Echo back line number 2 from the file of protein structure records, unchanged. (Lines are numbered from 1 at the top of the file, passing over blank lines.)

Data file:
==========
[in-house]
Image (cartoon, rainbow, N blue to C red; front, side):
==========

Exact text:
Image (cartoon, rainbow, N blue to C red; front, side):